Marco attempts to undo the programming but Raymond still falls under the hypnosis and goes to assassinate the presidential nominee. But at the moment he's supposed to kill the nominee Raymond resists his programming and kills The Iselins. Marco barges in and Raymond shoots himself in front of Marco. Raymond's chance for happiness died with Jocelyn and one can only sympathize with Raymond's decision to end his life. Harvey is perfect in the role of Shaw. He makes Shaw cold and stern and then slowly shows us the wounded heart at the core of this man. 

Sinatra brings a convincing sense of inner pain to the role of Marco. There's a sense that Marco has seen a lot through the years and he's been worn down by life. What stands out to me on re-watch is that Marco isn't really the hero of the film. He participates in the plot and has his own character arc but his ultimate role is that of a witness to the film's events. . In the last scene Marco reads the citations for the Medal of Honor winners. Marco invents one for Raymond:

"Made to commit acts too unspeakable to be cited here by an enemy who had captured his mind and his soul. He freed himself at last and in the end heroically and unhesitatingly gave his life to save his country. Raymond Shaw. Hell! Hell!" 
Marco had said earlier in the film that despite saying how brave and warm Shaw was, deep down he knew he thought Shaw was unlikable and repulsive. But why the film's end Marco has grown to appreciate Shaw as a man and see him as a hero- finally worthy of the Medal of Honor.  Gone is the shallow automatic response to his feelings towards Shaw and in it's absence a profound human one. Marco has gotten a piece of his humanity back. Coming back to the idea of the film as a tragedy, in the final scene Marco reminds me of the character typical in Shakespearean tragedy who comments on the horrible events that have unfolded.

Lansbury- in an Oscar-nominated performance- is brilliant as Mrs. Iselin. The way she shifts from the atypical overbearing mother and condescending wife to a more sinister power-hungry and fanatical political figure is masterful. The scene in which the assassination plot is described displays acting and direction completely in sync. The result in a unforgettable portrayal of political ambition. Mrs. Iselin never planned for Shaw to be the assassin but he was chosen so the Communists would have power over her. But she swears revenge on them. In her own twisted way Mrs. Iselin loves her son. This is punctuated by a concealed kiss on the lips.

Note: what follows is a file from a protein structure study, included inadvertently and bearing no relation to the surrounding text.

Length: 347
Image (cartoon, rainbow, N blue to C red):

I feel John Frankenheimer remains a somewhat underrated director- despite a prolific career. He began a TV director- directing live television episodes of shows such as Playhouse 90 and Climax!- and then made the transition to film with The Young Stranger (1957). He followed that up with two films starring Burt Lancaster, The Young Savages (1961) and  Birdman of Alcatraz (1962)the latter being nominated for 4 Oscars- though Frankenheimer would never receive a Best Director nomination for his work.

Frankenheimer's compositions and camera angles give the film an off-kilter, hallucinatory feeling throughout. Lionel Lindon's stark and rough black & white cinematography underlines the cold and bleak nature of the film. Look at how Frankenheimer shoots the murder of Bobby Lembeck- the platoon's youngest soldier. We see Shaw from Bobby's perspective- a perspective that's indifferent to the violence that's to be afflicted on him.

Lembeck has a innocent smile on his face, making the murder all the more upsetting and unusual.

Frankenheimer  shows us Lembeck's murder with out really showing it- in two succinct shots. A high angle shot has Lembeck falling over in his chair, followed by a shot of blood splatter on a poster of Stalin. The shots move by so fast we don't really see a bullet go through Lumbeck's head. Credit goes to Ferris Webster's Oscar-nominated editing, which creates the distinct pace and feel of the sequence and overall film. Since this is Melvin's dream, we see him wake up screaming- as did Marco earlier. The murder becomes almost impressionistic and Melvin's screams add to the horror.